Another scholar, Dipak Gupta (2005), has tried to understand and research why people engage in terrorist actions in the name of groups that represent a certain ethnicity, ideology, religion or nationalism. His arguments are basically rooted in economic and socio-psychological dimensions of human motivations, where he states that the link between economic factors and socio-political factors such as poverty…etc and terrorism is weak. Gupta also states that “political violence takes place when a leader gives voice to the frustration by formulating a well-defined social construction of collective identity and paints in vivid colour the image of ‘us’ and ‘them’” (2005:19). This means in other words that the political, economic and religious frustration are not alone the causes that lead to terrorism, there must have been root causes that remain hidden until a trigger mechanism is activated, which then leads to outbreak of violence and terrorist attacks.

We have seen that scholars have expanded the research on root causes to terrorism, building on what Crenshaw has found, but yet not produced any new approaches towards terrorism, but expanded the elements of socio-economic causation and other factors, especially Gupta.

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After giving an overview for some of the scholars about theoretical approaches, I will be listing here some of the concrete root causes of terrorism. The list that I am about to present is not an inclusive list of the root causes, and is not to represent a comprehensive set of the root causes, but to identify the multiplicity of causal factors that usually contribute to terrorism. The causes are derived from the publication by Randy Borum (2003) under the title Psychology of Terrorism.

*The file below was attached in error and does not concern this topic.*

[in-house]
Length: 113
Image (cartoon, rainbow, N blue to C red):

First cause could be that lack of democracy, rule of law and civil liberties are conditions for many forms of domestic terrorism. We therefore identify that the most democratic states and societies have the lowest level of oppositional violence. As Crenshaw states “Democracy and terrorism are not polar opposites: saying yes to democracy, unfortunately, does not mean saying no to terrorism” (Club de Madrid, 2005: 14)

Second cause is rapid modernization and urbanization in the form of high economic growth has also been found to correlate strongly with the emergence of ideological terrorism, but not with the ethno-nationalist terrorism. An example of this cause given by Borum is when a country faces sudden wealth, e.g. from oil, and they experience changes from tribal to high-tech societies during one generation or even less sometimes (Borum, 2003:5).

Third cause is historical antecedents of political violence, revolutions, civil wars, dictatorships or even occupation may lower the threshold for acceptance of political violence and terrorism and obstruct the development of non-violent norms among all the segments of the example of this could be, when children are brought up in a society that believes in and celebrates martyrdom, revenge and hatred of other ethnic groups, then it is likely to increase their willingness to commit or support a terrorist act when they grow up (Borum, 2003:5).